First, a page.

Sunday 8 December 2019

DUP urges London to take control as Stormont talks implode

Democratic Unionist leader Arlene Foster
Democratic Unionist leader Arlene Foster

Lesley-Anne McKeown

There is no prospect of Stormont's main parties agreeing to restore devolved government, the DUP said as it called on Britain to take further financial control of the North.

The breakdown of talks aimed at restoring power-sharing in Northern Ireland sparked anger, disappointment and frustration.

The British government now faces the prospect of having to step in and take previously devolved decisions in Northern Ireland.

But the Irish Government, as co-guarantor of the 1998 Good Friday Agreement, has said there can be no return to the direct rule of the period before that landmark accord.

Taoiseach Leo Varadkar said in a statement: "I very much regret the statement from the DUP. Power-sharing and working together are the only way forward for Northern Ireland.

"The Tánaiste and the Secretary of State are in close contact and we will continue to confer with the British government about the next steps."

Tánaiste Simon Coveney last night described the announcement from the DUP as "very disappointing".

He has held phone talks with Secretary of State Karen Bradley and briefed the Taoiseach on developments.

"As co-guarantors of the Good Friday Agreement, the UK and Irish governments have an obligation to uphold and protect the letter and spirit of that agreement.

"We will need to reflect in the coming days on how best to do that," he said

The talks ended in acrimony as DUP leader Arlene Foster said there was no current prospect of restoring devolved government - after failing to clinch agreement on touchstone issues such as treatment of the Irish language.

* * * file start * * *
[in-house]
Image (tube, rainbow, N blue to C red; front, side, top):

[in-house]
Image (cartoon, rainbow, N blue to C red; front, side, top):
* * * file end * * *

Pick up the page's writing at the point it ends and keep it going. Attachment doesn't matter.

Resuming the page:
Sinn Féin's Northern Ireland leader Michelle O'Neill said that the party had stretched itself, and blamed the DUP for collapsing a process aimed at rebuilding coalition government at Stormont after a 13-month suspension.

Her party wants an Irish Language Act - but the DUP has long insisted it would only countenance new laws if they also incorporate other cultures, such as Ulster Scots.

Ms Foster said attempts to find a stable and sustainable resolution had been unsuccessful.

"We cannot and will not be held to ransom by those who have refused to form an executive for over 13 months," she said.

"It is now incumbent upon her majesty's government to set a budget and start making policy decisions about our schools, hospitals and infrastructure.

"Important decisions impacting on everyone in Northern Ireland have been sitting in limbo for too long."

Months of exhaustive talks have been held since power-sharing collapsed early last year in a row over the DUP's handling of a botched green energy scheme.

Since then, divisions over issues including Irish language rights, same-sex marriage and how to deal with the legacy of Northern Ireland's troubled past have proved insurmountable.

The implosion last night came despite Monday's last-minute intervention by UK Prime Minister Theresa May and Mr Varadkar, who travelled to Stormont for talks with the parties.

Northern Ireland Secretary Ms Bradley yesterday said that "substantive progress" had been made.

But she conceded "this phase of talks has reached a conclusion".

Irish Independent

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